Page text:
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Raphael Semmes, Memoirs of Service Afloat During the War Between the States 6 0 Browse Search
Knight's Mechanical Encyclopedia (ed. Knight) 6 0 Browse Search
J. B. Jones, A Rebel War Clerk's Diary 2 0 Browse Search
Thomas Wentworth Higginson, Henry Wadsworth Longfellow 2 0 Browse Search
Southern Historical Society Papers, Volume 36. (ed. Reverend J. William Jones) 2 0 Browse Search
Southern Historical Society Papers, Volume 33. (ed. Reverend J. William Jones) 2 0 Browse Search
Southern Historical Society Papers, Volume 25. (ed. Reverend J. William Jones) 2 0 Browse Search
James Buchanan, Buchanan's administration on the eve of the rebellion 2 0 Browse Search
George Ticknor, Life, letters and journals of George Ticknor (ed. George Hillard) 2 0 Browse Search
Cambridge History of American Literature: volume 2 (ed. Trent, William Peterfield, 1862-1939., Erskine, John, 1879-1951., Sherman, Stuart Pratt, 1881-1926., Van Doren, Carl, 1885-1950.) 2 0 Browse Search
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Browsing named entities in Cambridge History of American Literature: volume 2 (ed. Trent, William Peterfield, 1862-1939., Erskine, John, 1879-1951., Sherman, Stuart Pratt, 1881-1926., Van Doren, Carl, 1885-1950.). You can also browse the collection for Cadmus or search for Cadmus in all documents.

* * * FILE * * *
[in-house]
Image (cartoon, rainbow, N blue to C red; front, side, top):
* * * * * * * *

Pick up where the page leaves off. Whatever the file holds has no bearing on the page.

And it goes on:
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Cambridge History of American Literature: volume 2 (ed. Trent, William Peterfield, 1862-1939., Erskine, John, 1879-1951., Sherman, Stuart Pratt, 1881-1926., Van Doren, Carl, 1885-1950.), Chapter 16: Webster (search)
ature, but it may be of the utmost excellence and yet lack the highest literary quality. Rhetoric is out of place in purely literary work which is not dramatic in character. Yet curiously enough it is not misplaced in poetry. Rhetorical verse, although not the highest kind of poetry, may yet be in its own sphere very admirable indeed. You have the Pyrrhic dance as yet, Where is the Pyrrhic phalanx gone? Of two such lessons, why forget The nobler and the manlier one? You have the letters Cadmus gave— Think ye he meant them for a slave? That is rhetorical poetry and it is very fine of its kind, very splendid even. Byron was a great master of rhetorical verse, often too much so for his own good, but none the less the rhetoric is not out of place. On the other hand, to put rhetoric, except in dramatic passages, into literary prose is almost as bad as to write metred prose, of which Dickens was guilty in the description of the death of Little Nell. But when we come to giving the li